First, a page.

Detroit Institute of Arts director to speak at the Harn Museum of Art Sept. 30
GAINESVILLE, Fla. — Elitist and stuffy are two of the terms that are sometimes used to describe art museums. At the Harn Museum of Art at 6 p.m. Sept. 30, Graham Beal will share how the Detroit Institute of Arts is making positive strides in eliminating this perception. Titled “What’s the Big Idea? A Museum for the People,” the Harn Eminent Scholar lecture, organized by the University of Florida’s School of Art and Art History, will address the DIA’s innovative approaches to make collections relevant and accessible to visitors.
During his decade-long tenure as director, president and CEO of the DIA, Beal has overseen a comprehensive renovation and the construction of a 58,000-square-foot addition. He also directed the reinstallation of more than 5,000 works of art.
It was during the reinstallation that the DIA broke with traditional exhibition strategies of grouping works by artistic periods or styles and began to organize using “Big Ideas.” “The “Grand Tour of Italy,” “Images of Spiritual Power,” and other “Big Ideas” connect with visitors and encourage personal identification with works of art.
“When I visited the newly renovated and reinstalled Detroit Institute of Arts last year, I was fascinated and impressed by their creative and varied approaches to engaging with different types of visitors,” said Harn Museum of Art Director Rebecca Nagy. “All of us in the museum field have a lot to learn from the experiences of Graham Beal and the DIA.”
Beal has been a leader in the art world for several years. Prior to holding his current position, Beal served as director of the Los Angeles County Museum of Art from 1996 to 1999. He has also served as the director of the Joslyn Art Museum in Omaha, Neb., chief curator at the Walker Art Center in Minn., and chief curator at the San Francisco Museum of Modern Art. From 2002 to 2005, Beal was a member of the Board of Trustees and the chair of the art issues committee of the Association of Art Museum Directors. He was a member of the Board of Trustees of the American Association of Museums from 2004 to 2007.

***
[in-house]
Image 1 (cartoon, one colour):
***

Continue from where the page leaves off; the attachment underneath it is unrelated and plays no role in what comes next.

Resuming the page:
This lecture is organized by the University of Florida School of Art and Art History through the Harn Eminent Scholar Endowment and co-sponsored by the Harn Museum of Art.
Admission is free. For more information call 352-392-9826 or visit www.harn.ufl.edu.
Samuel P. Harn Museum of Art
The Harn Museum of Art is an integral part of the University of Florida. The museum’s permanent collection holds nearly 7,000 works, including African, Asian, modern and contemporary art and photography. The museum enhances the university’s activities and serves a culturally diverse audience through the exhibition of works of art and educational programming. Admission is free. Museum hours are 11 a.m. to 5 p.m. Tuesday through Friday, 10 a.m. to 5 p.m. Saturday and 1 to 5 p.m. Sunday. Parking is free on weekends. The Camellia Court Café is open seven days a week from 11 a.m. to 3 p.m. The Harn Museum of Art is located at Southwest 34th Street and Hull Road at the UF Cultural Plaza. For more information call 352-392-9826 or visit www.harn.ufl.edu.
Tami Wroath, Director of Marketing and Public Relations
Harn Museum of Art
352.392.9826 x116 email@example.com
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